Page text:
THE CURSE OF THE WEREWOLF
As with Hammers revamping of the abovementioned classics, The Curse of the Werewolf is a thoughtful and substantial reworking of the werewolf myth. In his screenplay (which varies substantially from the Guy Endore novel), Hammer producer Anthony Hinds roots werewolf mythology firmly in Spanish Catholicism. Indeed, The Curse of the Werewolf is perhaps the only werewolf story to treat lycanthropy as something that is not passed by a bite but as a divinely cursed state. In order to set this up, Anthony Hinds creates a lengthy preamble to Leons story it is over 50 minutes before we get to see Oliver Reed and over an hour before Reed becomes the werewolf. This is filled with crashingly heavy symbolism at times the child is born on Christmas Day, the font boils over and thunderclouds amass as he is baptised. On the other hand, this is by far the more interesting half than the second, which travels in more traditional areas. The second half is a reasonable werewolf story with a young, then unknown Oliver Reed standing up well in the part and Roy Ashton conducting a fine makeup job.
Most Hammer films (particularly those made by Terence Fisher) are rooted in a British upper-class assumptions. They create a divide between civilised reason and brutal animal passions. The wolf here represents brutish passions, which the film sees can be kept in restraint by a good society, even the love of a pure-hearted girl. Notedly, Leons animal instincts are stirred up when he strays outside the confines of decent society and goes to visit a bad girl a whore. As with Dracula, we see that civilised reason and religion as conquering the dangerous forces of unrestraint.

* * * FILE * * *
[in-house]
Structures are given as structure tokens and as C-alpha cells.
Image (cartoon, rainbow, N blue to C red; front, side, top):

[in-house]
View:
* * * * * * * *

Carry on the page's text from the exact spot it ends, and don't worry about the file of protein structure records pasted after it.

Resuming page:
Terence Fishers other genre films are: The Four-Sided Triangle (1953), Spaceways (1953), The Curse of Frankenstein (1957), Dracula/The Horror of Dracula (1958), The Revenge of Frankenstein (1958), The Hound of the Baskervilles (1959), The Man Who Could Cheat Death (1959), The Mummy (1959), The Stranglers of Bombay (1959), The Brides of Dracula (1960), The Two Faces of Dr Jekyll (1960), The Phantom of the Opera (1962), The Gorgon (1964), Dracula Prince of Darkness (1966), Frankenstein Created Woman (1967), The Devil Rides Out/The Devils Bride (1968), Frankenstein Must Be Destroyed (1969) and Frankenstein and the Monster from Hell (1973), all for Hammer. Outside of Hammer, Fisher has made the Old Dark House comedy The Horror of It All (1964) and the alien invasion films The Earth Dies Screaming (1964), Island of Terror (1966) and Night of the Big Heat (1967).
Film available online in several parts beginning here:-